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Serum Zinc, Iron, and Copper Concentrations ... - Clinical Chemistry

Serum Zinc, Iron, and Copper Concentrations ... - Clinical Chemistry

Serum Zinc, Iron, and Copper Concentrations ... - Clinical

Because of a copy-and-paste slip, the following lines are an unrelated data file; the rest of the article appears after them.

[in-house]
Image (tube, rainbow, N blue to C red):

diN. CHEM. 21/4, 528-532(1975) Serum Zinc, Iron, and Copper Concentrations during Typhoid Fever in Man: Effect of Chioramphenicol Therapy Robert S. Pekarek,’ R. M. Kluge,2 H. L. DuPont,3 R. W. Wannemacher, Jr., R. B. Hornlck, K. A. Bostlan, and W. R. Belsel In volunteers experimentally infected with Salmonella fyphi, serum iron and zinc concentrations became significantly depressed and there was a concomitant rise in serum copper before the onset of overt clinical illness. However, after several days of fever and the initiation of chloramphenicol therapy, serum iron and zinc concentrations significantly increased. Additional studies-In volunteers with typhoid fever treated with ohIoramphenicol, In a volunteer with typhoid fever receiving cefazolin and gentamicin, and in untreated rhesus monkeys Infected with Salmonella typhimurium-provkied evidence that the Increase in serum ironconcentration during the febrile phase was the result of chioramphenicol therapy, whereas the Increase in serum zinc concentrations was a disease-related phenomenon. The importance of trace-metal monitoring during infectious disease and chemotherapy is discussed. Additional Keyphras.: trace elements and infectious disease U.S. Army Medical Research Institute of Infectious Diseases, Fort Detrick, Frederick, Md. 21701; and The Division of Infectious Diseases, University of Maryland School of Medicine, Baltimore, Md. 21201. These investigations were conducted in conjunction with a continuing study of the pathogenesis, diagnosis, prophylaxis, and therapy of infectious disease. These tests were governed by the principles and rules for medical volunteers established by the Declaration of Helsinki. The Human Experimentation Committee at the University of Maryland has approved this study and both oral and written consent were obtained from each volunteer. The investigations were also supervised by the Commission on Epidemiological Survey of the Armed Forces Epidemiological Board. In conducting the research described in this report, the investigators adhered to the “Guide for the Laboratory Animal Facilities and Care,” as promulgated by the Committee on the Guide for Laboratory Animal Facilities and Care of the Institute of Laboratory Animal Resources, National Academy of Sciences-National Research Council. The facilities are fully accredited by the American Association of Accreditation of Laboratory Animal Care. ‘Present address: USDA, ARS, Human Nutrition Laboratory, 2420 2nd Ave. N., P. 0. Box D, University Station, Grand Forks, N. D. 58201. address: Division of Infectious Diseases, Department of Medicine, University of Florida College of Medicine, Gainesville, Fla. 32610. 3Present address: Division of Infectious Diseases, University of Texas, Medical School, Houston, Tex. 70025. Received Nov. 12, 1974; accepted Dec. 16, 1974. 528 CLINICAL CHEMISTRY, Vol.21. No.4, 1975 Significant alterations in host zinc, iron, and copper metabolism occur during various acute and chronic infectious diseases (1-3). Prospective studies in man demonstrated that such alterations begin early in the incubation period after exposure to either bacterial or viral organisms (4, 5). As shown in laboratory animals, these infection-induced changes represent a rapid redistribution of the metals within the various tissues of the host (6, 7). Beside infection-induced alterations in trace-metal metabolism, various drugs also can produce significant changes. For example, administration of chioramphenicol produces increased serum iron concentrations and an increase in the saturation of transferrin, even in the absence of such recognized but infrequent complications as aplastic anemia or other forms of hematopoietic toxicity (8, 9). Because the serum trace-metal profiles induced by various infectious diseases, in conjuz*ction with other clinical data, may have potential diagnostic and prognostic usefulness, it is important to establish and differentiate the alterations produced by a particular infectious illness from those that may be induced by chemotherapy. Therefore, as an ancillary and incidental part of a continuing series of investigations into the efficacy of new experimental typhoid vaccines (10, 11), the opportunity arose to study the sequential effects of typhoid fever on zinc, iron, and copper concentrations in the serum of experimentally infected volunteers. In addition, these investigations also afforded the opportunity to study the effect of chioramphenicol treatment on these trace-metals in serum, to see if particular patterns of concentration could provide useful criteria for screening potential toxic effects of chemotherapy during an infectious illness. For further comparison, we sequentially determined serum trace-metal concentrations in untreated rhesus monkeys infected with Salmonella typhimurium. MaterIals and Methods Study 1. Nineteen healthy men, inmates of the

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